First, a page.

Bath and North East Somerset Council was reviewing secondary education and it was entering into that dialogue which led to the current arrangement: a sixth form for St. Gregory’s, a sixth form for St. Mark’s, the same headteacher for both, and a new joint provision for those sixth forms to be located here at Odd Down. This enabled the Council to bring forward a key element of its strategy and to support even wider diversity and choice in the system by allowing faith schools to expand and spread their ethos.
The Council wanted this to happen and they provided the funding to make it happen. A moment I will never forget was on 14 July 2011 when every hand (almost) in the Council chamber was raised in support of capital funding for our sixth forms. The fact of the matter is that without that support from B&NES Council we would not be here today with such a wonderful new provision to celebrate so on behalf of the communities of St. Gregory’s and St. Mark’s I would to thank you Mr Chairman, as the representative of the Council, for making today possible.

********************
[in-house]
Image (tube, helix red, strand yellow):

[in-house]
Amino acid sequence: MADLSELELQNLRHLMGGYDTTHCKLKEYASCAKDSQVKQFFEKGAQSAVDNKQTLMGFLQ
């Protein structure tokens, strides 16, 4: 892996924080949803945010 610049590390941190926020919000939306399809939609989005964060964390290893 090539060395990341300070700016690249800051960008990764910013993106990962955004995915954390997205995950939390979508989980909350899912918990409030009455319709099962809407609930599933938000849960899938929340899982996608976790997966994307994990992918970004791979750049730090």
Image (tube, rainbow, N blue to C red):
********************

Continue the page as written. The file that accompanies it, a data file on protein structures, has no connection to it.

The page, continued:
But the journey was far from completed at that point. We still had to work through some details of bringing together a Catholic school and an Anglican school in a joint provision. That was at times a challenge but in the end what we have in common mattered more than what we don’t have in common and a vision was created for educating our young people in a setting which is Christian in its ethos while being faithful to both traditions; so I would next like to thank Bishop Declan Lang and the Trustees of Clifton Diocese and the recently retired Bishop Peter Price and the Education Board of Bath and Wells for their faith and support, and the senior officers of both Dioceses who worked so tirelessly on the details of the plan.